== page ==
To tell you the truth, never once have I been tempted to boil a frog for any reason, but it would not surprise me if thousands delight in the practice. You know… those folks who like to bury cats up to the neck and then run them over with a lawn mower.
Don't get me wrong. It's not as if I have a spongy place in my heart for frogs, so if you love to kick back on Friday night with a beer and a plate of steaming frog legs … knock yourself out. Edna, my maternal grandmother fed me frog legs when I was about five years old; leading me to believe it was chicken until they were down the hatch. She was lucky, because she could have gotten them back in a big hurry.
In any case, perhaps you have heard the little factoid, that if you drop a frog into a pan of hot water, it will jump out like a bolt of lightning. However, if you put the frog in a pan of cool water, and then slowly increase the heat, it will stay there, dumb and happy, until it boils to death.
I hate to break it to you, but we are all frogs. America is a big pan of water, the heat has been steadily increasing, and just like our green friends, we are heading for a boil. Some of us are sitting in a cooler part of the pan, so the cooking has not become an issue worthy of concern; however, others have noticed that their skin has begun to slough off.
If we are the frogs and America is the pan of water, then exactly where is the heat coming from? The answer, of course, is something that every one of us must deal with to one degree or another. Those who no longer deal with it have already boiled beyond repair. I am speaking of our banking (finance) and insurance industries, two of the most powerful forces in our lives.
Perhaps it will seem odd for a conservative fellow to be harping about "the man." Nevertheless, this is something that has been gnawing on my common sense detector for a long time, because frankly, it just makes no sense at all when you step sideways and peek around the curtain. Yet we have all been taking it, some segments of our population more severely than others have, but it affects everyone in some manner.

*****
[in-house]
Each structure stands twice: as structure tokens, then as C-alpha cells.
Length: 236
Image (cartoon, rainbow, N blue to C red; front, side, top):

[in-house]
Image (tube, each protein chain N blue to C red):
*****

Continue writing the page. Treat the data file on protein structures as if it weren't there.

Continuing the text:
Let us examine the banking (finance) business first. The lion's share of financial consumers are not suffering to the degree that others are, but everyone has the potential to walk in these shoes on any given day. There are simply no guarantees in life, that if your life happens to be dancing along, carefree, that it will continue that way.
If you fall into the category of being a credit risk, somewhere on a sliding scale of credit scores, you will experience a few degrees of heat. This is simply one of those areas, which makes no common sense at all. If you are at risk for having potential difficulty in meeting your obligations, the industry believes that the only logical thing to do is to make it even more likely for you to fail, by giving you credit at a higher rate of interest.
The man says, that we must charge a higher rate of interest because the risks are greater. Unfortunately, this is one of those self-fulfilling edicts. A family, already struggling to stay on an even keel will have larger payments; in some cases double, what "credit worthy" families must endure.
There is no doubt; many are simply irresponsible with credit, buying this and that without regard for how they will pay for it. Yet for a great many, the credit problems have come due to circumstances other than irresponsibility.
You may believe that the logical thing for these people is to make due without debt; however, the sad fact of American life today is that for average folks, buying a home or a later model car is very difficult to accomplish without debt. A five-hundred dollar car, instead of a ten-thousand dollar car, might seem the answer; however, employers are not inclined to tolerate frequently late arrivals, no matter the wisdom of living within a cash budget. Inexpensive used cars are inexpensive for a reason; namely, that they are incapable of providing reliable transportation.
How many Americans today could save enough to purchase a home with cash? When homes sold for five, ten, or fifteen-thousand dollars, such was a real achievable goal. Work hard and save for six or seven years and hooray, mission accomplished. Today, with rents approaching or exceeding the level of house payments, there just is not much cash left over for the mattress.
So just to be clear, I smell a rotten fish in the idea that higher payments make sense in providing credit to people who have difficulty making payments already. Logic screams for the opposite position, to make it "easier" for people who are already struggling.